With a couple weeks left to go for the year, many stock market analysts are still hoping for a Santa Claus rally. They were emboldened by the huge October rally in the stock market, and then a big bounce out of the worst Thanksgiving week since the Great Depression. But after selling off again last week, the S&P 500 has still failed to trade above the 30-week moving average for an entire week since July! If you look at the chart below you can see that for the last 9 weeks the S&P 500 has failed to retake the 30-week moving average.
This type of bearish action occurred during the last two bear markets. During the 2008 bear market, once the S&P 500 dipped below the 30-week moving average during the last week of 2007, it never again traded completely above the 30-week moving average until the bear market was over. It tried to re-take the 30-week moving average in May of 2008, but failed.
During the 2000-2002 bear market, which was much more drawn out than the 2008 bear market, the S&P 500 made more attempts to re-take the 30-week moving average. But it failed every time except for a single week in March 2002. Only when the end of the bear market was reached in April 2003 was the S&P 500 able to trade above the 30-week moving average for more than a week.
Besides the bearish implications above, there’s more bear tracks showing up in other markets. Some markets are looking like they could breakdown below their October lows. Canadian banks are one, which is interesting because they were supposed to be relatively healthy, due to the fact they didn’t use as much crazy leverage as U.S. or European banks. Bank of Montreal made a new closing low for the year last week, and is clearly in a Stage 4 downtrend.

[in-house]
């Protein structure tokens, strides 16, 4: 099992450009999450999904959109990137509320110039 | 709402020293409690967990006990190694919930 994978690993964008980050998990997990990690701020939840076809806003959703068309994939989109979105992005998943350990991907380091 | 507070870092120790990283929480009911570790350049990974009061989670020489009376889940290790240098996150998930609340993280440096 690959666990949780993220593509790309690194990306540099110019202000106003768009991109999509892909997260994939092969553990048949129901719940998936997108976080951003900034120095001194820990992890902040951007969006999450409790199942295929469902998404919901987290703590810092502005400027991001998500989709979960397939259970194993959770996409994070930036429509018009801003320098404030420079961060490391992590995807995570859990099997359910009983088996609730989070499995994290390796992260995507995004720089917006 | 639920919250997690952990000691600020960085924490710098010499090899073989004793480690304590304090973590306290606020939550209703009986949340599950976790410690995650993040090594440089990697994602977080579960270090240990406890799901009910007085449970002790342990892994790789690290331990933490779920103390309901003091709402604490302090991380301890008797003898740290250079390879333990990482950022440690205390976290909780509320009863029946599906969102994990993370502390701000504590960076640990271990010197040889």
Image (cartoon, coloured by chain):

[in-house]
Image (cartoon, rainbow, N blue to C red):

Bank of Nova Scotia is also threatening it’s October lows, and like Bank of Montreal is in a Stage 4 downtrend. I’m not showing them below, but Stage 4 downtrends are also occurring in the Royal Bank of Canada and Toronto Dominion Bank.
India made a new closing low for the year last week and looks set to continue moving lower. This is obviously bearish since India is supposed to be a source of global growth.
Now you might say why should I care about Canadian banks or India, if I’m only concerned with U.S. markets? If these markets weren’t heavily intertwined with the rest of the world I would agree. But since they are important parts of the world economy, the signals they are giving can’t be ignored.
Finally, for the October rally to be something other than a simple mean reversion rally, the tech sector needs to re-establish its leadership position. If the Nasdaq 100 was to break below the November lows it would start a pattern of lower highs and lower lows, which would add to the bear case.
The market will continue to remain unhealthy if these bearish trends proceed. Watch those October lows and whether other markets are able to hold those lows or fall below them.